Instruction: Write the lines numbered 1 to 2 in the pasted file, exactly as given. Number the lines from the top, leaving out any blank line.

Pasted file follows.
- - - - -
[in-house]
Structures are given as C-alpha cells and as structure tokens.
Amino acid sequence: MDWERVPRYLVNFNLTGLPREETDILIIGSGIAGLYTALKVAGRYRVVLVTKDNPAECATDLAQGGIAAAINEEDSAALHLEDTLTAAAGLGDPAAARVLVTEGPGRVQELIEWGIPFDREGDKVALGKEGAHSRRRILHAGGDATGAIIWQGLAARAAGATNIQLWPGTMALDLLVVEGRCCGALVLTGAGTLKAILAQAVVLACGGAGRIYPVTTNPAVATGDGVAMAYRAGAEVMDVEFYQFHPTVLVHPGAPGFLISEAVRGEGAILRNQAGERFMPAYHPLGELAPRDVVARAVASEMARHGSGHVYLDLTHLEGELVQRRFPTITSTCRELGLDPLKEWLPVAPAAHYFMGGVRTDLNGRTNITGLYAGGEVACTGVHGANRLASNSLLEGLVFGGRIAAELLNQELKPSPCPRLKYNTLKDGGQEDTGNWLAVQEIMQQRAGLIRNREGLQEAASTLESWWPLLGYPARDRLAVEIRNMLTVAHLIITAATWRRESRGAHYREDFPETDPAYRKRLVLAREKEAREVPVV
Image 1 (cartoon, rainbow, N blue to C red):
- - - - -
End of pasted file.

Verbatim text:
[in-house]
Structures are given as C-alpha cells and as structure tokens.